He details the rush in the hotel when it is breakfast, lunch or diner time. He works from “seven in the morning till quarter past nine a night”. He gives a vivid picture of the heat (110°F), the dirt, the noise. In the hotel, hierarchy is as important as in the army. The plongeur is on the lowest part of the scale. Orwell relates how people insult each other in their hurry but also how the hierarchy disappears during breaks, allowing friendly discussions. His work is stupid but requires attention. He is exhausted at the end of the day, sleep is a delight. I was disgusted when he recounts the dirtiness of the hotel cuisines:

Everywhere in the service quarters dirt festered – a secret vein of dirt, running through the great garish hotel like the intestines through a man’s body.

He relates the dirt, the insults in the kitchen and the luxury and politeness to clients, just on the other side of a slim door. Some issues seemed still accurate or brought comparisons to mind.

Despite the dreadful working conditions, employees of the hotel take pride in what they do. The management is not as inhuman as it seems at first sight. After reading Underground Time and Company, I noticed that these were terrible working conditions and thankfully laws were passed to change them. But they were hard for bodies but not soul-destroying. However, they have no life besides work and the week-end drinks.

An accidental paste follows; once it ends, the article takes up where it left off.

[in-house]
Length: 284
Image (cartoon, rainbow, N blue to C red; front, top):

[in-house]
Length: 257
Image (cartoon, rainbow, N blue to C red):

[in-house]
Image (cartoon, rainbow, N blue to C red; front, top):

Nothing is quite real to him [plongeur] but the boulot, drinks and sleep; and of these sleep is the most important.

In France, we have a phrase to sum up life in Paris: “Métro, boulot, dodo”. (literally: Métro, work, beddy-byes). Some things have not changed, I see.  

Orwell also tries to analyse the situation of what we call now poor workers, ie people who have a job but with such a low income that they only survive. He questions the necessity to maintain such jobs as plongeur as fancy restaurants are not indispensable to the society and states that:

This instinct to perpetuate useless work is, at bottom, simply fear of the mob. The mob (the thought runs) are such low animals that they would be dangerous if they had leisure; it is safer to keep them too busy to think.